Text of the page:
At this time, John Handcox (1904-1992), a descendant of African-American slaves and white slave owners, survived....

— Angela E. Hubler

THE MAJORITY OF young adult dystopian and utopian fiction is shaped by the Cold War horror of a collective. It’s rare to  encounter a dystopian novel like Suzanne Collins’ The Hunger Games (2008) and its sequels, Catching Fire and Mockingjay: what’s targeted isn’t Cold War-era mind control but economic inequality, totalitarian rule, and oppression maintained by brute force. The novels even depict a revolution that overthrows this oppression.

More surprisingly, The Hunger Games has been on the New York Times best-seller list of children’s series for 161 weeks (at number one for 128 of those weeks) — and was released as a film in 2012, with the first sequel appearing in 2013 and two more based on the third book planned for 2014 and 2015....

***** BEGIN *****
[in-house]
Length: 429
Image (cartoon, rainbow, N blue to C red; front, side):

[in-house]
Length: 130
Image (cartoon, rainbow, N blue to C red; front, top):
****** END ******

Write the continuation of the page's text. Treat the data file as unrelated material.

— Ann Menasche
Imagine: Living in a Socialist USA
Edited by Francis Goldin, Debby Smith and Michael Steven Smith
New York: HarperCollins, 2014,294 pages + index, $15.99 paperback.

WITHOUT A COHERENT vision of a better world and the organization that goes with it, even mass protests of ordinary working people in response to injustice will likely go nowhere or worse. Witness the disappointing results of the Arab spring in Egypt, the present mess in the Ukraine and the lack of staying power of promising movements like Occupy.

Thus, the anthology Imagine: Living in a Socialist USA edited by Frances Goldin, Debby Smith and Michael Steven Smith could not have been published at a better time. With its 31 diverse contributions, part of the book’s importance is that it’s put out by a major commercial publishing house — thanks in large measure to the influence of veteran literary agent Frances Goldin — giving it access to a potential audience broader than the already existing left....